Article: New data on the enigmatic Ocruranus–Eohalobia group of Early Cambrian small skeletal fossils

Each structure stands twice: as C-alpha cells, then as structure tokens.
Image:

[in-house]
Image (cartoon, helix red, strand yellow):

The Ocruranus–Eohalobia group, whose members were variously considered to be brachiopods, bivalves, chitons, tommotiids and coeloscleritophorans, are difficult to classify because of lack of morphological detail and evidence for skeletal reconstruction. New specimens from South China reveal more information about Ocruranus–Eohalobia and allow progress towards deciphering the skeletal reconstruction and phylogenetic affinity of this enigmatic group. Many specimens have a phosphatic inner and outer coat (mould) with empty space in between that resulted from dissolution of the original shell. Moreover, many of the internal moulds show a previously unknown type of shell microstructure that consisted of stacked layers of highly organized, acicular crystallites that radiated from the apex of the shell towards the aperture. The dissolved shell and needle-like crystals suggest an original calcareous, probably aragonitic, shell mineralogy. A few specimens also show a polygonal texture in regions that suggests the shell had a thin, prismatic inner shell microstructure. Ocruranus and Eohalobia belong to the same skeleton, and we herein synonymize Eohalobia with the older Ocruranus. Moreover, new specimens from Meishucun reveal a third type of shell plate, similar in form and inferred placement to intermediate valves of chitons. Ocruranus is likely a mollusc, and possibly a member of the chiton stem lineage. If so, then the beginning of the known record of chitons would be extended back from late Cambrian (Saukia Zone; Furongian) to early Cambrian (Meishucunian; Series 1).